I've been in reunion for 4 years, and there's still a bit of dancing and trying not to upset one another. This is the weirdest, most tentative in some respects, relationship I've ever known, but it's also one of the most important to me ever.

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    1. Yes, thank you Yan for your viewpoint.

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    2. Walking on eggshells said: '...My life as an adopted child was not good, and while I don't blame her for that, I'm afraid of telling her about it. '

      I have to tell you, my son's experience was not good either but I am SO glad he told me about it. I want to know him, and support him whenever he needs me to - I don't want a fake relationship where the important bits and experiences are hidden. How can I support my son if I don't know he is hurt? It is such an act of trust for him to let me know that he had a terrible time.

      Of course it is a massive shock to find out that the wonderful life I was sure he was going to was an absolute lie, and that he was put immediately into an uncertain and insecure environment. But I shove that shock aside as I simply want to be there for him, and for all of his experience, to support and be there for him now that I can be.

      So I say please be honest if you want a real relationship with your mother. She may be distraught to find out how deeply she was lied to by the authorities, and have a vast turmoil of feelings when she realises how you have suffered, but don't we all need things to be real after so much fakery, so much falsehood?

      I have tucked my feelings about my son's abuse into a place that never gets in the way of me being there for him. It could consume me, how the promise of a wonderful life for him turned out to be quite a hellhole, but then I would not be able to be present for him. So that torment, as his mother, is set aside for now, as we build our relationship, and because I want him to be able to express the truth of his experience to me, and for me to acknowledge and support him as he does.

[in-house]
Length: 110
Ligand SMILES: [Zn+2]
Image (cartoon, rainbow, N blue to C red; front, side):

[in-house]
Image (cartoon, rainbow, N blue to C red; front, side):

Ommitting the important bits never makes for a deep relationship, in my view.

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    3. My first mother had a different reaction. When she realized I hadn't gotten the wonderful family she'd been promised and that my so-called 'better' married parents had divorced when I was still a toddler, she became disinclined to learn more about my upbringing. She would often change the subject. Her guilt seemed to get the best of her.

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    4. Robin, I know my guilt could so easily get the better of me, especially as I know my son suffered deeply and desperately over many years in his adoptive family environment. I know I could sink under the weight of that guilt, knowing that he suffered in that way. So I've stuffed that guilt into a little ball and shoved it into a cubbyhole in my mind. I know that is probably terribly unhealthy, but if I looked at the situation directly, I would be absolutely consumed with guilt, be in agony because of it, and would therefore not be able to be there for my son which is what I want to be more than anything. So I've not dealt with the guilt at all as there is no doubt it would get the best of me. How could it not.

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  3. Yan--It's good you know, that what happened after you approached your father isn't your fault. Yes, the relationship is difficult, but as you say, one of the most important. Thanks for telling your story.

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  4. Lorraine, you are an absolute gem. You manage to say so much, so well, and so compassionately to all concerned. I want to respond to this further but this will have to do for now. Thank you for all your deeply thought-out, deeply felt writing x

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  5. I definitely scared my mother away.

    She says (or said, we haven't spoken in over a year) that i wanted her to relive the worst moments of her life. That I wanted her to crawl through broken glass.

    That's not what i wanted, but i guess that's what i did to her. Anyway, it's no contact anymore, at her request.

    She did tell her sister, who told my husband that she would be open to me contacting her, but that doesn't seem like a genuine desire to see me. I've fallen into her trap before. She can be stunningly cruel.

    Nothing i do is right. I remember her telling me, "no cards or Flowers" when she was having an operation, so she could heal. Cards or flowers from me would actually stop the healing process.

    With friends like her, I don't need enemies.